Summary: Children enjoy hearing about the animals and the big boat and the rainbow and how God rescued Noah and his family, but really, the story of Noah is a sobering account of divine judgement upon all of humankind, followed by a beautiful expression of God's g

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Noah’s Ark - for Adults

Scripture: Genesis 6:1-9:17


This week, about Tuesday, I asked Ron what I should preach on today and he said, “Noah, Building the Ark.” So, I thought about that, and then in the evening I read the story of Noah.

Noah and the Ark is usually relegated to Sunday School, or children’s stories. And maybe because we have done that, we’ve missed some of the most important lessons God has for us from stories like,

David and Goliath

Noah and the Ark

The Firey Furnace

Joseph and his Coat of Many Colors

and others...

So today, I’ve called the message, “Noah’ Ark, for Adults” because these four chapters are really not a children’s story.

Children enjoy hearing about the animals and the big boat and the rainbow and how God rescued Noah and his family, but really, this story of Noah is a sobering account of divine judgment upon ALL of humankind.

This story talks about the moral state of humanity back then. And perhaps we relegate this story to a children’s story because, maybe, just maybe, it’s a little too close to what is happening in our world today, so it makes us uncomfortable.

And we do that, don’t we. We take the scripture, especially some of these very severe Old Testament stories, and we take the pretty parts of them, the rainbow and the dove with the olive branch, and so many other nicer parts of the story, and we focus on those - and we miss the lesson. Or at the very least, we miss the whole of the lesson, and so our teaching and therefore, our learning, becomes scewed.

We live in an age of biblical illiteracy. Very few people know even the basic or once most popular stories of the Bible. But even with that, there are very few people who have not heard of Noah’s Ark. There are cartoons about it, movies made of it, toys, campgrounds named after it, and even jewelry and clothing depicting it.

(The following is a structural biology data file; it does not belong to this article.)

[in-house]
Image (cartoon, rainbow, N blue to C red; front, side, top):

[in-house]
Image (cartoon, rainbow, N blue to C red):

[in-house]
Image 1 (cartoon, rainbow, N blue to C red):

In almost all of ancient world history there are catastrophic flood stories. Anthropologists have collected about 275 such stories.

Let’s look at what the story of Noah’s Ark actually tells us. The story really has three parts to it. Three things ABOUT God that we can learn from the story. We’re going to look at God’s Heartache, God’s Joy, and God’s Grace.

And I hope in looking at each of these areas we’ll have a better understanding of God, and who HE is, but we’ll also have a better understanding of ourselves, and where we stand with God.

Let’s look first at:


What grieves the heart of God? I mean, can he even sense grief, or sorrow - since he knows everything anyway?

In verse 6, we’re told God’s heart was filled with pain. He was filled with sorrow, over how his creation had responded to his provision.

See . . .

1. God sees evil (vs 5, 12)

God sees the evil in our lives. I wonder sometimes if we fully understand that God truly is watching us. He sees the evil in our lives and in our world. When we think it’s just a little sin, or we think we can get away with one thing or the other. God sees. There’s the little children’s chorus we’ve sung here - “Oh be careful little feet where you go.” God is not blind to us. He sees our joys and our sorrows, our righteousness AND our sinfulness. He sees where we go, what we look at, the things we listen to.

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